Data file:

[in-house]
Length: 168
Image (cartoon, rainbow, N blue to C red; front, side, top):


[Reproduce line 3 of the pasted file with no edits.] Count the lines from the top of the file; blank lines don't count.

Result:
Image (cartoon, rainbow, N blue to C red; front, side, top):